"Now guard my slumbers, Peerless Beauty, for I am very weary."

               "Will your sleep be short or long?" asked the bride.

               "I shall sleep," said Ivan, "for no longer and no shorter than nine days and nine nights. If you try to arouse me I shall not wake, but when the end of the time comes I shall wake without any arousing."

               "I shall be weary of waiting and watching, Ivan Tsarevich," said Peerless Beauty with a sigh.

               "Weary or not, it cannot be set aside or gainsaid or altered," said Ivan Tsarevich. Then he lay down and slept for nine days and nine nights. And while he slept there came a rushing whirlwind across the open steppe, and in the heart of the whirlwind, where was the point of peace, rested Koschei Who Never Dies, who bore away Peerless Beauty to his kingdom beyond the sea. And Ivan Tsarevich awoke without any arousing to find himself alone.

               Sadly he gazed across the empty boundless plain, and when he arose, went back to the town, sought out the old woman in the poor, mean house, who seemed to be expecting him, and told her all his tale of sadness.

               "I had all things," he said, "and now I have nothing."

               "Go to bed and sleep soundly after your sorrow, Ivan," she said, and he went to bed, but could sleep neither soundly nor restlessly. But at midnight there came a rushing whirlwind across the open steppe, and in the heart of the whirlwind, where was the point of peace, rested Koschei Who Never Dies, who bore away Ivan Tsarevich to his kingdom beyond the sea.

               At the gate of the palace Ivan knocked--tock, tock--and the wicket-gate in the large gate was opened by Peerless Beauty, who peeped out with eyes like violets wet with the rain, and cheeks like roses in the morning sun, and a brow like a seed pearl of priceless lustre. She opened the little wicket-gate wide, and Ivan stepped in. Then they went to an upper room, where the bridegroom said to the bride:

               "When Koschei comes home, ask him where his death is."

               Then Koschei came in at one door and Ivan went out at another door.

               "Phu! phu!" said Koschei Who Never Dies, "I smell the blood of a Russian. Was it Ivan Tsarevich who was with you just now, at this moment, and recently?"

               "Why, Koschei Who Never Dies," said Peerless Beauty clasping her hands, "Ivan Tsarevich has long ago been devoured by wild beasts of the plain, at least it must have been so and not otherwise." So they sat down to supper, and when Koschei had eaten well and drunk better Peerless Beauty said to him, "Tell me, now, Koschei, where is your death?"

               "It is tied up in the broom, silly one," said Koschei; "why do you wish to know?"

               Next morning Koschei Who Never Dies went out at the head of his men to fight, and as soon as he had gone Ivan Tsarevich came to Peerless Beauty and kissed her sugar lips. Then she took the broom from the corner near the stove and gilded it all over with pure beaten gold. When this was done--and it took a long time to cover each twig of the birch boughs with the gold--Ivan left his bride and Koschei Who Never Dies came in by another door.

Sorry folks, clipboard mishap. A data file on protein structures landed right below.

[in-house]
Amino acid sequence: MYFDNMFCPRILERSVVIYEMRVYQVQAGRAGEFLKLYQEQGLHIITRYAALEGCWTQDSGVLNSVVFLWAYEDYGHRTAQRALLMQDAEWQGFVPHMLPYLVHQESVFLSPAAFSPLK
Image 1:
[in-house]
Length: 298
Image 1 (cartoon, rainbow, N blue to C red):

"Phu! phu!" he said, "I smell the blood of a Russian. Was it Ivan Tsarevich who was with you just now, at this moment, and recently?"

               "Why, Koschei Who Never Dies," said Peerless Beauty clasping her hands, "you have been flying through Russia and have caught up the odour of the country on your own garments. Where should I see Ivan Tsarevich?" Then they sat down to supper, and Koschei saw the gilded broom lying across the threshold. "What does this mean?" he asked sternly.

               "See how I honour you," said Peerless Beauty, "for I gild even Death for you."

               "Little simpleton, I fooled you," said Koschei. "My death is not in the broom, but is concealed in the oak fence."

               Next day it fell out as before. Peerless Beauty, helped by Ivan Tsarevich, gilded the fence, and when Koschei saw it burning like fire in the evening sun, he laughed and said to Peerless Beauty:

               "Little simpleton, I fooled you. My death is in an egg, the egg is in a downy duck, and the duck is in the stump of a tree which floats upon the open sea."

               Next day Peerless Beauty rose very early, before the sun was up, and went to the stove in the kitchen. "I must send Ivan Tsarevich," she said, "on the long search for that downy duck. He has a long way to go, so I must bake him a love cake." So she baked him not one love cake but three, and as she kneaded the dough, she spoke a love-spell into it so that Ivan Tsarevich should fare well on his journey. The cakes were browned and buttered and wrapped in a napkin of fine white linen, with edges of drawn thread-work, when Ivan came into the kitchen just as the sun rose. Then he put his arms about the cake-baker, and she whispered into his ear where to look for the death of Koschei. And Ivan kissed her honey mouth and went out with the cakes in his pouch.